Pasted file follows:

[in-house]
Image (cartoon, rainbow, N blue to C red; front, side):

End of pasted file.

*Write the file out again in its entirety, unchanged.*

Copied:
[in-house]
Image (cartoon, rainbow, N blue to C red; front, side):